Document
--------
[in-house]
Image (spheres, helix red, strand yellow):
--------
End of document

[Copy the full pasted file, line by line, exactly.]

[in-house]
Image (spheres, helix red, strand yellow):